COUNCILLORS concerned about rising anger in East Lancashire over the conflict in Gaza have written to the Government asking for more intervention.
A number of protests and vigils have already been held in the area by Muslims and Christians because of the ongoing dispute between which has seen hundreds killed.
A further march is planned for Saturday between Brierfield and Nelson with hundreds expected to take part.
Yesterday Israel and Palestinian groups began a 72-hour truce as Foreign Office minister Baroness Warsi, who became the first female Muslim cabinet minister in 2010, resigned from the government saying its policy on the crisis was ‘morally indefensible’.
Abdul Hamid Qureshi, chairman of Lancashire Council of Mosques, said: “People are angry, not only Muslims, but anyone who’s seen images on TV. It’s not acceptable what’s happening in Gaza.
“Most of the time that anger is expressed peacefully, but people are getting angry about it.”
Councillor Iftakhar Hussain, who represents Blackburn’s Bastwell Ward and is the lead member for Culture and Leisure, said: “This is not a Muslim issue or Jewish issue but a humanitarian issue.
“My constituents are very angry as they see double standards and a biased approach by the powerful nations of the world. The leaders need to wake up and speak up for the human rights and the feelings of the angry community.”
Hyndburn and Haslingden MP Graham Jones said: “I have had a record number of constituents write to me on this particular issue.
“People are seeing the news and feeling very upset about the situation because innocent lives are being lost, particularly children’s.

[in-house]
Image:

“Foreign policy is always a delicate issue. You have two sides who are bitter towards each other and the process has got to be about reconciliation.”
A second protest against attacks on Gaza organised by the Pendle Palestine Twinning Group saw hundreds gather in Nelson town centre at the weekendand a further protest is planned for Saturday starting at 2.30pm outside Brierfield town hall.
Blackburn councillor Salim Mulla, who represents Queens Park, said he was seeking a meeting with Prime Minister David Cameron.
He said: “The majority of the community in Blackburn are very, very angry.
“Every single mosque is grieving and praying for those affected.”
Young Muslim Afrasiab Anwar, from Burnley’s Markazi Jamia Ghousia Mosque, said: “The imams here are urging people to be restrained and positive in their support of Palestine but with the inaction from all political parties many people feel that it is difficult to have a voice.”
Zahir Ahmed, at Abu-Bakr Masjid in Stoneyholme, added: “We teach our young people the opposite of radicalisation but when they see the authorities which supposedly represent them standing by while schools are bombed and children are killed they are angered.”
“My response would be the same whether whoever was being bombarded, whatever religion or race they are.”